The IRS and its BOLO Advisories

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June 25, 2013; New Yorker

John Cassidy, writing for the New Yorker, is crowing that he knew it all along: the IRS scandal, far from being a conspiracy to obstruct right-wing groups, was merely an attempt on the part of a bureaucracy to simplify their search for elusive miscreants scheming on nonprofit status for political intent. He points out that the IRS performed searches and issued BOLO advisories for the word “progressive” in people’s applications, too, as well as “medical marijuana,” “Occupied Territory advocacy,” “green energy organizations,” and “healthcare legislation.”

This isn’t the only recent obstruction of whole classes of applications; he also points out that the tax agency has held up the applications for many journalist groups. (NPQ, of course, has been writing about this for a few years. Some applications were held up for so long that they finally expired waiting for approval.) A handbook was put out to walk people through the language they should and should not use in this regard. In those cases, the IRS appeared to suspect that these were really for-profit (we wish) companies trying to put on a nonprofit hat.

This revelation raises a slew of additional questions, both about the IRS’s procedures and the Inspector General’s investigation. Why didn’t Lois Lerner, who ran the IRS’s tax-exempt unit at the time of the controversies, or Steve Miller, the former acting IRS commissioner, reveal that the BOLOs addressed more than right-wing groups? Why didn’t the TIGTA report mention these other terms in the BOLOs? Why weren’t groups targeted for the use of “progressive” or “medical marijuana” (such as Alliance for a Better Utah, which said it has been waiting for two years for an IRS decision and had been subjected to extensive Tea Party-like lists of questions) brought to testify before Congressional committees, like the aggrieved Tea Party groups? Do the reports of these additional BOLO terms mean that the IRS was actually, sad to say, even more incompetent in its processing of 501(c)(4) applications than it appeared after the original TIGTA report? Given that the TIGTA report appears to have been seriously flawed, does this IRS issue merit an outside IG to get to the heart of how the nation’s tax collection agency has devolved into this dispiriting mess?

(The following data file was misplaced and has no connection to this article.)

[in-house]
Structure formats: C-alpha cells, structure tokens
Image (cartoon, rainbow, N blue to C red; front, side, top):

In the end, everyone agrees that the 501(c)(4) category is a troubled and murky area of the tax code.  It is important enough to warrant tough scrutiny over the implementation of the law by the IRS and Congressional reconsideration of what is actually meant by “social welfare organizations” in the first place.  The benefit of the IRS controversy, so to speak, is that it will compel the nonprofit sector and the government to rethink a category of tax exempt entities that merits clarification at a minimum, but more likely a major overhaul.—Ruth McCambridge